After George Floyd, a Minnesota man, was killed by a police officer nearly one week ago, protests have ignited across the U.S., including Alabama.

Protesters in Birmingham defaced historical monuments and destroyed businesses Sunday night. There were also reports of fires being started, as well as media members and other citizens being assaulted.

Monday morning, Gov. Kay Ivey made a statement regarding Floyd's wrongful death and the protests:

"Like so many others throughout the country and around the world, I, too, was shocked and angered by the tragic actions that led to the senseless death of George Floyd last week in Minneapolis," she said. "It is a death that should have never happened, and it is a tragedy for which that too many people, especially African Americans, are all too familiar.

"Regretfully, the natural anger and frustration of Mr. Floyd’s death has now spread to our state and what started out as peaceful protests in some of our cities yesterday afternoon turned ugly last night.  

"While no state has a richer history than Alabama in terms of using peaceful protests to lead the country — and the world — to positive change, I agree with Alabama native, Congressman John Lewis, who this weekend said ‘rioting, looting and burning is not the way.’

"Congressman Lewis marched alongside other Alabamians who would go on to become heroes of the movement.  They were young, brave and determined.  Many were beaten, arrested and jailed.  But they all — Rosa Parks, Dr. Martin Luther King, Jr., Dr. Ralph David Abernathy, Rev. Fred Shuttlesworth, attorney and civil rights activist Fred Gray and others — led the fight for change in a peaceful way.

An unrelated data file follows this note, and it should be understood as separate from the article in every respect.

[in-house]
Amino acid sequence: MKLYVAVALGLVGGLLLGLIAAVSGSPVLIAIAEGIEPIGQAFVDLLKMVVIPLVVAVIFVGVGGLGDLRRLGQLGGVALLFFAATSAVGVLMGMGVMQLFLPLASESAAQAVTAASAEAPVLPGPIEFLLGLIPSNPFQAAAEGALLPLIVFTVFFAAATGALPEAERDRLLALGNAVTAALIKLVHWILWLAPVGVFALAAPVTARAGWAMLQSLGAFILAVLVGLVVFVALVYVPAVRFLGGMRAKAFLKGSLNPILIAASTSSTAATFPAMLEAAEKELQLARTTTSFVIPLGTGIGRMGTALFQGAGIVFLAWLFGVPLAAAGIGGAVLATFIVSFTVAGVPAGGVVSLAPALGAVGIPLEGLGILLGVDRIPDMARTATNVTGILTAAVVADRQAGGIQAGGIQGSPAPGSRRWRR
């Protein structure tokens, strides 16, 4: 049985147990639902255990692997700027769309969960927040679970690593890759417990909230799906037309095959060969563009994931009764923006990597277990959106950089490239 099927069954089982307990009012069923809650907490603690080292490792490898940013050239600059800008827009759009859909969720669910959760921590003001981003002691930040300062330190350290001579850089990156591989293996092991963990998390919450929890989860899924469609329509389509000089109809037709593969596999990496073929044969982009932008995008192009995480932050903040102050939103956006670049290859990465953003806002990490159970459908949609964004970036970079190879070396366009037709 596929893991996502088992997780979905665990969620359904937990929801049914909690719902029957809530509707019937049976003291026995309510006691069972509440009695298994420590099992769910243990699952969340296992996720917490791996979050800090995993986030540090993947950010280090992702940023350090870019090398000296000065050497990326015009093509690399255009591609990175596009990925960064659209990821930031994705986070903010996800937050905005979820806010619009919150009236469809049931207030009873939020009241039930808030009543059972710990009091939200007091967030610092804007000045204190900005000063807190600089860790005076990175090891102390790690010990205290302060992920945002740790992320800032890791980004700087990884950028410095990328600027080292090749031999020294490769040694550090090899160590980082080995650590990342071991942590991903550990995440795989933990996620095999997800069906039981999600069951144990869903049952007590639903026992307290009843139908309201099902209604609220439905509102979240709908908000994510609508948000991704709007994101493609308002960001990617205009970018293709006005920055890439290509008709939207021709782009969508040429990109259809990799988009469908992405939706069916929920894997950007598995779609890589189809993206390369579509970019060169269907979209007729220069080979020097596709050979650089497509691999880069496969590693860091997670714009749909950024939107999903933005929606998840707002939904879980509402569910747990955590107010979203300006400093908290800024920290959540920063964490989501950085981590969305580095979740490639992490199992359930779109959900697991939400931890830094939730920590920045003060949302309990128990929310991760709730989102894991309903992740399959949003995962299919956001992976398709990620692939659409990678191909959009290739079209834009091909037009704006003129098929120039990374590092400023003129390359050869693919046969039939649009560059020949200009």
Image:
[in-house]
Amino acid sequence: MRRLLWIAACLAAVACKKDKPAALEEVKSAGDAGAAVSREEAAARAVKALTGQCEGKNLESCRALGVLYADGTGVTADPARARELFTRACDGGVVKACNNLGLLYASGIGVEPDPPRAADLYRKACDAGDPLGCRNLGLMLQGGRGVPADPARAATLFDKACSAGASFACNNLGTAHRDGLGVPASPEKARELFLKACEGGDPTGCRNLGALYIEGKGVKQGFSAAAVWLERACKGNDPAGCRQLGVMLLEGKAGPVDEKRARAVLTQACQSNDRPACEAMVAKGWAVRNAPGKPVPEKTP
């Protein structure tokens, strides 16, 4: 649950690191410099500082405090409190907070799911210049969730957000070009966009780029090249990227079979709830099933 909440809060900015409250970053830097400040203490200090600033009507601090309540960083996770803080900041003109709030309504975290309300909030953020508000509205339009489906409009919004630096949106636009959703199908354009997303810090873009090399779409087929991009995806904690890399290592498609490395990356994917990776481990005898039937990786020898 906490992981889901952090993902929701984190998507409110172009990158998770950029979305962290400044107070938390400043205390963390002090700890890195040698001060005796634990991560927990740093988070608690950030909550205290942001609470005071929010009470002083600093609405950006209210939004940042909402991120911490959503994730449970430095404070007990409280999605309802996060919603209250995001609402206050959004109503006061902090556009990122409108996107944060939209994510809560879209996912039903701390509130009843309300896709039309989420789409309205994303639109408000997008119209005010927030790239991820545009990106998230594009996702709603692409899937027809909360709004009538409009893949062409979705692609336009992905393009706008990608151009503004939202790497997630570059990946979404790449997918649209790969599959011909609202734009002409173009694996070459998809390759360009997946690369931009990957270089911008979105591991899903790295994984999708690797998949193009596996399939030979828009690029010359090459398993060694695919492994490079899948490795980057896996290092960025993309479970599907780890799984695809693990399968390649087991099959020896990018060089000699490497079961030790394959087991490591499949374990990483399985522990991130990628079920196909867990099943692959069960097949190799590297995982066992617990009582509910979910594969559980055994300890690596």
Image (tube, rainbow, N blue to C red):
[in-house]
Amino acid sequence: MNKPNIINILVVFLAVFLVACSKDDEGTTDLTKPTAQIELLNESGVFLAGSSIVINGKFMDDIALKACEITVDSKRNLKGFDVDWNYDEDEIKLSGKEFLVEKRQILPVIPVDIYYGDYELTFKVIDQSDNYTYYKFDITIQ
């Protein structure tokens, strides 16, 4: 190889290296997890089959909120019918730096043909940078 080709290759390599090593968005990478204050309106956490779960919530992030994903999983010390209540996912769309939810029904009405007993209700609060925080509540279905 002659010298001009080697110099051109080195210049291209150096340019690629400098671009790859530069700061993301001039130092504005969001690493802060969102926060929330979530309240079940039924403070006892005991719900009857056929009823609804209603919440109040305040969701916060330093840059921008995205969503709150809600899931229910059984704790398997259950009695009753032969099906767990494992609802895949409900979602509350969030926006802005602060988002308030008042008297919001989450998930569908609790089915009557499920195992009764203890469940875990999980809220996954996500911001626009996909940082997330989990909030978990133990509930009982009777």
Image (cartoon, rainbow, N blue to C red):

"I will always support the right of the people of Alabama to peacefully lift your voices in anger and frustration. After all, our great country was born out of the desire to be free and the desire for freedom has repeatedly led to making positive change for the betterment of society.  

"However, we will not allow our cities to become a target for those, especially from other states, who choose to use violence and destruction to make their point. What I saw happen last night in Birmingham was unbecoming of all those who have worked to make Birmingham the great city it is.  Going forward, this cannot be tolerated. State assets are available to any local government that makes the request. We will show respect to ourselves and to each other through this process.”

Since releasing her statement, Ivey has given authorization to Adjutant General Sheryl Gordon with the Alabama National Guard to activate up to 1,000 guardsmen, should the need arise in response to violent protesters. According to the Governor's office, this action strictly serves as a preparedness measure, should local and state law enforcement need additional support.

The police officer responsible for Floyd's death, Derek Chauvin, has since been charged with third-degree murder and second-degree manslaughter. Video evidence showed Chauvin kneeling on Floyd's neck for eight minutes and 46 seconds.

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